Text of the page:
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rivers of water, and as the branches of the frankincensetree in the time of summer; as fire and incense in the censer, and as a vessel of beaten gold set with all manner of precious stones; and as a fair olive-tree budding forth fruit, and as a cypress-tree which grows up to the clouds. When he put on the robe of honour, and was clothed with the perfection of glory, when he went up to the holy altar, he made the garment of holiness honourable.'
As might have been expected, the Syrian kings made repeated efforts to reconquer Palestine, but they were unsuccessful ; even Antiochus III. the Great, an energetic monarch and skilful general, was signally defeated, in a great battle at Raphia, by the Egyptian king Ptolemy IV. Philopator (217). The latter, elated by his victory, and taking possession of many Syrian towns, went to Jerusalem, and wished to force his way into the Temple. In vain the Jews implored him to desist from his unholy purpose; the town was in consternation; the people and elders, the priests and the High-priest Simon, all entreated God in fervent prayer to avert the profanation; but when Ptolemy was on the point of crossing the threshold of the Sanctuary, we are told that he was suddenly paralysed, and was carried away unconscious by his servants; and when he had recovered, he departed with vehement threats, which he partially carried into effect upon his Jewish subjects in Egypt. Yet Antiochus the Great did not abandon his schemes; and when Ptolemy Philopator was succeeded by Ptolemy Epiphanes, a child only five years old, the Syrian king, believing that a favourable opportunity had arrived, undertook a new campaign, and easily conquered Palestine, Phænicia, and Cælosyria (203). Thus the Jews came under Syrian dominion. Antiochus the Great was followed by Seleucus IV. Philopator (187—176), and the High-priest Simon the Just by Onias III. (197). The latter had an inveterate enemy,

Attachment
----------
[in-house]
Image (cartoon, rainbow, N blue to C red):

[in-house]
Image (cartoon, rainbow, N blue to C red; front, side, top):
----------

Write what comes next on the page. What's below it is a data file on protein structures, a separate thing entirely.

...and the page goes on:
a certain Simon, a Benjamite, who went to the Syrian governor Apollonius, and told him that there were immense treasures in the Temple of Jerusalem, which he might acquire without any great difficulty. Apollonins repeated the words of Simon to his master Seleucus, who sent his treasurer Heliodorus to Jerusalem to obtain the money. The High-priest Onias, on hearing the request, replied that the gold and silver were chiefly the deposits of widows and orphans, or belonged to a private person Hyrcanus, the son of Tobias; moreover, the whole amount did not exceed 400 talents of silver and 200 talents of gold. Yet Heliodorus pressed his demand, and fixed a day when the treasures should be given up.
Grief and anguish prevailed in Jerusalem, and people and priests humbled themselves in prayer and fasting. But when the Syrian officer was entering the sacred precincts with his numerous attendants, he is reported, like Ptolemy, to have suddenly been struck down. The Jews broke forth in loud praises of thanksgiving for the miracle, which had saved their Temple from pollution. Entreated by the Syrians, Onias prayed and offered up sacrifices for Heliodorus, who then, restored from his illness, returned to Syria, and thenceforth acknowledged and proclaimed